When Fuss looks at the forward forecasts, he believes that we could be off by as much as one percentage point, and perhaps a bit more.
As for the people part of the equation, Fuss noted that the worker-to-retiree ratio is falling and that doesnt bode well for the economy. You young people are supporting more and more of us old people, he said. And this is a real problem.
According to a Congressional Budget Office report in August 2011, there were 42 workers per retiree in 1940; 16 per retiree in 1950; 2.8 in 2010; and its projected to be just two-to-one within 40 years.
The idea of using the political process to square revenue with spending is hopeful, but its not going to work, he said. The only thing that works is to increase the percentage of the population age 16 and older in the workforce, as happened in the second half of the 1990s. That would drive revenues to the U.S. Treasury, Fuss said.
Could it happen again? According to Fuss, its happening in some parts of the world, such as Japan, where the effective retirement age is now 69, and it could happen here in the U.S. where, according to a recent Gallup poll, the expected retirement age is now 67. Read that Gallup report.
Its going to be very difficult getting our federal budget under control unless we can get a lot more of old people back in the workforce, Fuss said.
Politics is a key issue as we approach the election, but its also the key issue when we look at whats going on in Congress apart from the election, Fuss said. We have to come together if we are going to solve this, and I dont think we are, he said. The division is pretty broad.
What does that mean for the economy? Any of us can have a near-term guess on the economy, he said. My guess is a little bit higher than the accepted guesses out there.
On a short-term basis, he said, its a tricky time to forecast GDP, because most of the information is adjusted on a seasonal basis. But in general, he said, the economy looks OK.
4. Prosperity and the economy
Youd be right to ask why interest rates arent already rising, given the level of borrowing by the U.S. Treasury. But rates arent rising now for supply-and-demand reasons. The U.S. Treasury is supplying a ton of opportunities to the market, Fuss said. However, the supply of funds coming into the market is tremendous.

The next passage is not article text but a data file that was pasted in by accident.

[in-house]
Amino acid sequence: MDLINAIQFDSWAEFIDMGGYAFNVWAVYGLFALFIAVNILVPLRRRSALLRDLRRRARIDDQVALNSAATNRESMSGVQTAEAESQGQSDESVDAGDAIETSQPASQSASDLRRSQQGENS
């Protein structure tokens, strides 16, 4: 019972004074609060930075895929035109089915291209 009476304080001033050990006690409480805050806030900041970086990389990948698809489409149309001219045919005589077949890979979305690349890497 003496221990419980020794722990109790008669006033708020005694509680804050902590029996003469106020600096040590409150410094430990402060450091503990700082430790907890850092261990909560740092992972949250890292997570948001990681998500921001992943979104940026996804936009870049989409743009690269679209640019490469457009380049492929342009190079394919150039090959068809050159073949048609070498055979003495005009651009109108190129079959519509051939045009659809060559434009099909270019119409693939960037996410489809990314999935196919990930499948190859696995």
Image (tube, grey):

According to Fuss, demand is coming from at least two sources. The supply is coming from a net increase in outstanding U.S. Treasury debt. If you take the second year on outnotes and bondsyou discover that all of the net increase is being acquired by our own central bank and the central banks of other countries.
Our own central bank is philanthropists, he joked. They even tell you in advance, they will tell you the time, the day and roughly how much they are going to buy. It is no trick at all to be a Treasury trader these days.
The Federal Reserve is, of course, also selling U.S. Treasurys via Operation Twist. They are selling at the short end of the yield curve and buying at the long end, Fuss said.
Foreign central banks are helping the cause as well. Those banks, he said, are buying U.S.-dollar denominated bonds, much of it being U.S. Treasurys.
This seems like a really good thing, he said. Why cant we keep this thing going? he asked. Its been working so far. But you might say, Something about this doesnt quite ring true. Well, thats true. But were skating along.
In this country, for instance, he said, We have a lot of underutilized, unutilized resources. Were not anywhere near full capacity in virtually anything.
The political and monetary answers here are unknown. The theories abound, said Fuss.
Lastly, Fuss suggested its possible the U.S. dollar might fall in value given the current state of affairs.
Thats certainly the lesson of history, he said. However, thats not what happened in Japan over the last few decades. That country is similar to the U.S. in some ways and its currency has been strong.
Robert Powell is editor of Retirement Weekly, published by MarketWatch. Follow his tweets at RJPIII.